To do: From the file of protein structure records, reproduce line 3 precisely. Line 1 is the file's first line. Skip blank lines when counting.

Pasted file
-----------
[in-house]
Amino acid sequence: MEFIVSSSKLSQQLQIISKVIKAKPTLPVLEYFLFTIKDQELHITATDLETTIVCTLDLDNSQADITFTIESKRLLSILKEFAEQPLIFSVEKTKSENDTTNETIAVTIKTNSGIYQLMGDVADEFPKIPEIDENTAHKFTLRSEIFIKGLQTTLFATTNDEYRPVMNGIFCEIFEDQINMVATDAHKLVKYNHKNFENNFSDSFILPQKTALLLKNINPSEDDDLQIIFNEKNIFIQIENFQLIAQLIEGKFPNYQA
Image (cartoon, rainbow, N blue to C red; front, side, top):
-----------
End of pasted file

Image (cartoon, rainbow, N blue to C red; front, side, top):